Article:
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Former Israeli ambassador to U.S. says UAE deal has 'upended' how peace seen in Mideast

Former Ambassador Michael Oren shares his thoughts on the current state of play in Israel and the surrounding region following the historic U.S.-brokered peace deal with the United Arab Emirates

Updated: September 1, 2020 - 11:41pm

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Michael Oren, the former Israeli ambassador to America, is calling the newly minted UAE-Israel peace deal a “total game changer.”

The deal not only affords opportunity for significant innovation and economic expansion, it also has completely “upended 30, 50, even 70 years of assumptions about the Arab-Israeli conflict and how you end it,” Oren said in an interview on the John Solomon Reports podcast Tuesday.

Citing examples that include the Sinai Dessert, the Jordan Valley, and the Golan Heights, Oren said in the past Israel was always required to “pay for peace with land.” Though “fortunately,” he said, Israel never agreed to give up the Golan Heights in exchange for peace with neighboring Syria.

In particular, Oren thinks the Palestinians will be forced to rethink their negotiating posture. According to the former ambassador, past negotiations have taught Palestinian leadership that walking away from the negotiation is not just acceptable, but can lead to a better package.  

However, with the Emiratis, there was no such negotiation. “It is a wedding of the most innovative state in the world, with one of the richest states in the world,” Oren said of the deal. Entities in both lands are hopeful that the newly normalized relationship will bring about boundless economic development, and perhaps most significantly, the expansion of revolutionary technologies that will be implemented the world over.

Israel, Oren said, “is the leader in high-tech agriculture,” reclaiming “about 90% of its water,” the highest percentage of any country in the world. Spain ranks second on the list and only reclaims about 13%.

One fear that lingers around the historic peace deal for Oren, is that it could provoke terrorism from Hamas, Hezbollah, and other groups in the area. “Every time we’ve made any movement toward peace, it brings the terrorists out of the woodwork,” he said.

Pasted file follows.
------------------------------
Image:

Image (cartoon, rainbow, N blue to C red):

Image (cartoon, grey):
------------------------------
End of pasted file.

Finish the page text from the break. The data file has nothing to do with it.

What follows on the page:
Despite that trepidation, he believes normalization could easily catch on around the region, and favors Bahrain, Oman, and “perhaps the Sudanese” to next arrive at the negotiating table with Israel.


On the subject of the upcoming U.S. election, Oren said he is concerned that Democrats Joe Biden and Kamala Harris have said, if elected, they will re-start the Iran nuclear deal canceled by President Trump. Oren believes the best thing Israel can do in advance of that situation is to clearly lay out conditions for an Iran deal that would be acceptable to the country.

The former Ambassador suggested that Israel must be absolutely solid on the stipulations that Iran needs to dismantle its nuclear infrastructure, put an end to supporting terror, “come clean on previous nuclear activity,” end their intercontinental ballistic missile program, and agree to “truly invasive inspections” of their weapons facilities moving forward.

Oren said that it is imperative Iran come to understand that “if they want to keep their nuclear program, they will not survive economically and they will be facing a united strategic front again them in the Middle East.”

Turning to the domestic front, Oren addressed the country's ongoing battle against the novel coronavirus and how it is impacting the popularity of Israel's government, which was assembled following three inconclusive elections almost exclusively to combat the pandemic.

Like the citizens of most nations, Israelis are facing high unemployment rates and are wondering when some semblance of normal life will return. As such, Oren speculated that the Israeli government will not be calling for new elections any time soon, "A government that was formed to fight corona is not going to want to go to elections ... Netanyahu is not getting stronger," he said.

Oren’s new book of short stories, “The Night Archer”, is available on and where books are sold. It is the former Ambassador’s first published work of fiction following several best selling nonfictions books.

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